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At the Royal Institution last week for an event sponsored by the CX program I ran another iteration of the social network modelling project. The main difference this time was that 28 participants contributed to a group model rather than creating individual versions as we had done in Elephant and Castle. There were a number of key observable differences between the two approaches.

An early participant labelled her presence in the network by writing her Twitter handle next to her individual pin. She did this quite unprompted by the researchers with the effect that many others did the same and the whole model became a mechanism for connecting and sharing on Twitter. This unconscious action was thus seen to have a cascading effect on how participants self-described and how the physical model embodied a digital network.

Most people have a mental model of their social network, with friends, family, colleagues etc identified and the web of connections between them held in consciousness in some way. Doing the task required this mental model to be externalised in physical form and made visible to others. A few conference attendees did know each other already and some of them created a network together. Others placed themselves at some distance as an indication of their relative isolation in the conference setting. Most people did the task alone -placing a pin for themselves – and connecting to one other person.

Making individual social network models did not result in much alteration of the physical layout once the task had started when we did the project in Elephant. People externalised their network according to an inner structure. This could be for a number of reasons; the stability of the substrate and materials, the coherent and individualised nature of the task and time limitations. At the Royal Institution, the group representation elicited more changes in the form of corrections, replacements, and revisions. This could partly be because the surface was less stable but also because it covered a larger area allowing for greater discovery and surprise.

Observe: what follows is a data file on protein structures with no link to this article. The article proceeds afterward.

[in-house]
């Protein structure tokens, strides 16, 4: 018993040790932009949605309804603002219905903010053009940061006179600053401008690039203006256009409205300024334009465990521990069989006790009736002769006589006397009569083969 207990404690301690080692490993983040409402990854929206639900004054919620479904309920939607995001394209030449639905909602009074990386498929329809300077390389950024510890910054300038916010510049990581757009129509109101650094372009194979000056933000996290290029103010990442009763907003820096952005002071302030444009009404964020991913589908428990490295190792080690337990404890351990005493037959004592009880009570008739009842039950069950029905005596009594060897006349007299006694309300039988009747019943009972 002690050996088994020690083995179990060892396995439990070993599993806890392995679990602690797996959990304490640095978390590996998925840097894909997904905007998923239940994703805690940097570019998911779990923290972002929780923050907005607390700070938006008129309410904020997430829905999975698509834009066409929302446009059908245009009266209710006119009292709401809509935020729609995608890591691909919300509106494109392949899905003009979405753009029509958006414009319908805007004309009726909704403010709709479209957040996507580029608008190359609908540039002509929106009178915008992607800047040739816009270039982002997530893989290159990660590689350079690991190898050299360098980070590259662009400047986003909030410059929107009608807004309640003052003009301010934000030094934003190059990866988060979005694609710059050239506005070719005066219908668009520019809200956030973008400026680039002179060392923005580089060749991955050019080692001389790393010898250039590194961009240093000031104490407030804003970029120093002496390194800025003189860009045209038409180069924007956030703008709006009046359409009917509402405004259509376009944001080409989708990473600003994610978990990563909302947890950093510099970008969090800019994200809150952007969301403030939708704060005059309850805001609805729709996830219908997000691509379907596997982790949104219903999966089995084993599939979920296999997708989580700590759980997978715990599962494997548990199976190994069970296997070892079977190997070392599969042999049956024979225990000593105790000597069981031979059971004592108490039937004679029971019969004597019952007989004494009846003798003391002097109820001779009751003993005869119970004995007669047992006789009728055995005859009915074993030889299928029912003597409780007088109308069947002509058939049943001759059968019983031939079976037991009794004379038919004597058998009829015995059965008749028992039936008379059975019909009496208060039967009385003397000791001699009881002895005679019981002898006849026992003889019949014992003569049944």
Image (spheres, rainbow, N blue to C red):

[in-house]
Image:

As the representation grew in extent with each response, so it gained granularity and resolution. With more contiguous different participant pins, there was an increased chance for people to recognise others and demonstrate that they knew them. Since each connection was labelled by name and Twitter handle, participants experienced a level of surprise, serendipitous discovery, and delight that was missing from the experience of doing the task alone, albeit co-present with others. Creating group representations can provide different forms of experience than individual representations and allow for more profound reflection beyond self recognition.

Constructionism as a psychological theory of knowledge is normally concerned with learning processes and education and how people construct knowledge in social settings. Theories of constructionism emphasise language as the key mechanism by which externalisation is achieved – by telling something it comes into being. Social constructionism takes the knowledge building out of education and applies it more generally to situations where people construct meaning together through coordinated action. The role of artefacts in knowledge construction has been extensively explored by anthropologists, psychologists and others. In HCI, computer artefacts, including software environments, have also long been a subject of research. By providing an opportunity for group interaction focused on the construction of a map of social network connections I hope to engage participants in a process of reflective narrative construction about digital networks, social media, and the intangible distribution of social information.

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